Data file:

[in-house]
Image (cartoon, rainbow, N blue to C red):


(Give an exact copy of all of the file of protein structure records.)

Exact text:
[in-house]
Image (cartoon, rainbow, N blue to C red):